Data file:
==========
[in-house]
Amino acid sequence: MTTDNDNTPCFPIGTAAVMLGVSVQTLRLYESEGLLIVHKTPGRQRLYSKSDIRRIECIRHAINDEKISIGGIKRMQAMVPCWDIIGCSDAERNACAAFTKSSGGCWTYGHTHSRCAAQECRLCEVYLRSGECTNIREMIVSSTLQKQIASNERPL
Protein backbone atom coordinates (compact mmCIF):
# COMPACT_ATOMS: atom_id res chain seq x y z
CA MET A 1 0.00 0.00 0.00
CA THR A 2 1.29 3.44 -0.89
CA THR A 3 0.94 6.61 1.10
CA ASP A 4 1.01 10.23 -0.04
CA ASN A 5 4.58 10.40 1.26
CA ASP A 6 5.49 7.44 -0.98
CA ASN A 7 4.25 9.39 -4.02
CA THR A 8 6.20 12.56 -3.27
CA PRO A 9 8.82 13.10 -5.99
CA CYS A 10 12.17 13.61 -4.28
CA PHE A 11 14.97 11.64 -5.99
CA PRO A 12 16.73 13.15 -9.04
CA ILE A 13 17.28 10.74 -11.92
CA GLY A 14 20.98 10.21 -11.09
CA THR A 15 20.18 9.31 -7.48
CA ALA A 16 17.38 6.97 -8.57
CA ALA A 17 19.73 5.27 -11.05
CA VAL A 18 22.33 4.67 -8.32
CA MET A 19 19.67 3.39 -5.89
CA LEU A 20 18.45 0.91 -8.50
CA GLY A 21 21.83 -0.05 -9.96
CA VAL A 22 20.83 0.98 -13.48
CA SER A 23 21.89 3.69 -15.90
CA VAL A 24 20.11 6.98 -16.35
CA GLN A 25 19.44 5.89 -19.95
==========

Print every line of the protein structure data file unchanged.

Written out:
[in-house]
Amino acid sequence: MTTDNDNTPCFPIGTAAVMLGVSVQTLRLYESEGLLIVHKTPGRQRLYSKSDIRRIECIRHAINDEKISIGGIKRMQAMVPCWDIIGCSDAERNACAAFTKSSGGCWTYGHTHSRCAAQECRLCEVYLRSGECTNIREMIVSSTLQKQIASNERPL
Protein backbone atom coordinates (compact mmCIF):
# COMPACT_ATOMS: atom_id res chain seq x y z
CA MET A 1 0.00 0.00 0.00
CA THR A 2 1.29 3.44 -0.89
CA THR A 3 0.94 6.61 1.10
CA ASP A 4 1.01 10.23 -0.04
CA ASN A 5 4.58 10.40 1.26
CA ASP A 6 5.49 7.44 -0.98
CA ASN A 7 4.25 9.39 -4.02
CA THR A 8 6.20 12.56 -3.27
CA PRO A 9 8.82 13.10 -5.99
CA CYS A 10 12.17 13.61 -4.28
CA PHE A 11 14.97 11.64 -5.99
CA PRO A 12 16.73 13.15 -9.04
CA ILE A 13 17.28 10.74 -11.92
CA GLY A 14 20.98 10.21 -11.09
CA THR A 15 20.18 9.31 -7.48
CA ALA A 16 17.38 6.97 -8.57
CA ALA A 17 19.73 5.27 -11.05
CA VAL A 18 22.33 4.67 -8.32
CA MET A 19 19.67 3.39 -5.89
CA LEU A 20 18.45 0.91 -8.50
CA GLY A 21 21.83 -0.05 -9.96
CA VAL A 22 20.83 0.98 -13.48
CA SER A 23 21.89 3.69 -15.90
CA VAL A 24 20.11 6.98 -16.35
CA GLN A 25 19.44 5.89 -19.95